Morning Call: pick of the papers

The ten must-read comment pieces from this morning's papers.

1. Brass tax (The Times)
Tax avoidance harms the economy - this week's developments have been welcome, says a Times editorial

2. Cameron and Chakrabarti treat press freedom as sacred (Independent)
But aren't some things more important, asks Howard Jacobson

3. Michael Gove does not deserve to be hailed as a rising star (Guardian)
His policies are bad for children and a waste of money, says Peter Wilby

4. A lot of froth over Starbucks (Telegraph)
The row over multinational tax affairs is a distraction from reducing state spending, says a Telegraph leader

5. Pay shake-up offers hope to the regions (Mail)
There's been a step towards closing the divide between the south east and the rest of Britain, says a Daily Mail leader

6. Things can only get worse. Vote Tory. (The TImes)
If Osborne brings recovery, he'll lose the next election for his party, says Matthew Parris

7. Syria and the truth about chemical weapons (Independent)
Do you know which army was the first to use gas in the Middle East, asks Robert Fisk

8. The search for paedophiles is more carnival than witch-hunt (Guardian)
Light entertainment is being turned upside down by a raucous mob, says Hannah Betts

9. David Cameron's trouble with being modern (Telegraph)
The PM must adapt, but he risks ignoring what is important, argues Charles Moore

10. Clegg is oblivious of the damage of high taxation to growth (Daily Mail)
The Deputy Prime Minister is a disaster for Britain, says Robin Harris

Morning Call
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No, David Cameron’s speech was not “left wing”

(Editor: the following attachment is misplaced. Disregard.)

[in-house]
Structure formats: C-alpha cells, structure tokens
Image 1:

Come on, guys.

There is a strange journalistic phenomenon that occurs when a party leader makes a speech. It is a blend of groupthink, relief, utter certainty, and online backslapping. It happened particularly quickly after David Cameron’s speech to Tory party conference today. A few pundits decided that – because he mentioned, like, diversity and social mobility – this was a centre-left speech. A leftwing speech, even. Or at least a clear grab for the liberal centre ground. And so that’s what everyone now believes. The analysis is decided. The commentary is written. Thank God for that.

Really? It’s quite easy, even as one of those nasty, wicked Tories, to mention that you actually don’t much like racism, and point out that you’d quite like poor children to get jobs, without moving onto Labour's "territory". Which normal person is in favour of discriminating against someone on the basis of race, or blocking opportunity on the basis of class? Of course he’s against that. He’s a politician operating in a liberal democracy. And this isn’t Ukip conference.

Looking at the whole package, it was actually quite a rightwing speech. It was a paean to defence – championing drones, protecting Britain from the evils of the world, and getting all excited about “launching the biggest aircraft carriers in our history”.

It was a festival of flagwaving guff about the British “character”, a celebration of shoehorning our history chronologically onto the curriculum, looking towards a “Greater Britain”, asking for more “national pride”. There was even a Bake Off pun.

He also deployed the illiberal device of inculcating a divide-and-rule fear of the “shadow of extremism – hanging over every single one of us”, informing us that children in UK madrassas are having their “heads filled with poison and their hearts filled with hate”, and saying Britain shouldn’t be “overwhelmed” with refugees, before quickly changing the subject to ousting Assad. How unashamedly centrist, of you, Mr Prime Minister.

Benefit cuts and a reduction of tax credits will mean the Prime Minister’s enthusiasm for “equality of opportunity, as opposed to equality of outcome” will be just that – with the outcome pretty bleak for those who end up losing any opportunity that comes with state support. And his excitement about diversity in his cabinet rings a little hollow the day following a tubthumping anti-immigration speech from his Home Secretary.

If this year's Tory conference wins the party votes, it’ll be because of its conservative commitment – not lefty love bombing.

Anoosh Chakelian is deputy web editor at the New Statesman.